Poem on police brutality

This 10 June 2020 video from Texas in the USA says about itself:

Attorney Provides Free Representation to Arrested Protesters | In This Together | NowThis

‘I don’t consider myself to be picking a side. I’m just doing what’s right.’ — Austin-based attorney Tycha Kimbrough is providing legal representation to arrested protesters free of charge.

In US news and current events today, criminal defense lawyer and family attorney Tycha Kimbrough is representing BLM and George Floyd protesters who have been wrongfully arrested. Here’s what inspired her to offer her legal guidance pro bono.

By Sophie Sparham in Britain today:

The Right to Remain by Sophie Sparham

Silence is a bullet that my taxes paid for,
A Judas kiss, gifted to black Jesus as he
Bleeds out on the sidewalk and we profit a
Vineyard out of him. My quiet, a boot to hisNeck, a fire to her house, a question swinging
From a tree. Won’t somebody speak? Silence

Is not a right when all your teeth have been
Punched out, your tongue tear-gassed and your
Hope murdered. When your body is a protest,
Living in a country that raped the freedom
Out of you.

My ears mourn, they can’t bury another
Voice. So now I cry with my teeth, let this fist
Become a eulogy, let me raise it like a flag.
Make no mistake, they want you chalk white,
An outline on concrete, a space,
Where a body once stood.

Writer Sophie Sparham is from Derby and has written commissions for BBC Radio 4, The V&A and the People’s History Museum. 21st-century Poetry is edited by Andy Croft, email info@smokestack-books.co.uk

Cuban poem on George Floyd: here.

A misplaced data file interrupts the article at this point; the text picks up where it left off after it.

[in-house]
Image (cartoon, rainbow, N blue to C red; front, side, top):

After Whitney row and Minneapolis outrage, Warren Kanders will stop making tear gas.

2 thoughts on “Poem on police brutality

  1. After South Bend police murdered Eric Logan, I led my local Our Revolution and Black Lives Matter groups in demanding concrete action — a citizens review board, more implicit bias testing and training for officers, disciplinary action for officers who don’t turn on their body cameras.

    Now, with uprisings sweeping the country in the wake of George Floyd and Breonna Taylor’s murders at the hands of racist police officers, it’s clear that systemic racism in law enforcement is an urgent national problem that our leaders have a moral obligation to do everything in their power to fix.

    Across America, Our Revolution groups are mobilizing NOW to demand change at the city, county and state levels. We want to hear directly from you about the top priorities we should pursue to dismantle systemic racism in our policing. Click here to take our official policing survey to let us know what you think.


    In the wake of all the senseless death, it’s heartbreaking that schools and social services are under-resourced in Black communities while police have access to high-tech military equipment and ever-increasing budgets.

    That’s why I believe it’s necessary to defund part of policing budgets and redistribute it to create programs and services like child care and more social workers.

    This means prioritizing funding for schools and public health above policing in Black communities the same way that we do for non-Black communities.

    But that’s not all. We also must end qualified immunity — which shields police officers from accountability for their racist actions — and reform training and policing practices so that officers are equipped to do their jobs without striking terror into the heart of Black communities.

    All of these changes are necessary, and as Our Revolution groups ramp up our organizing, we want your input on what you think are the most important steps to challenge systemic racism in policing.

    In solidarity,

    Jordan Giger
    Our Revolution National Board Member
    Black Lives Matter Leader
    South Bend, IN


  2. Pingback: Police brutality and racism in the USA | Dear Kitty. Some blog

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